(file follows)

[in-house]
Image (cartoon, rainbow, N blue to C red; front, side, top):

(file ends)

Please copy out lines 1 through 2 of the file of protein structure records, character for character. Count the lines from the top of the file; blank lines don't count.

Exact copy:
[in-house]
Image (cartoon, rainbow, N blue to C red; front, side, top):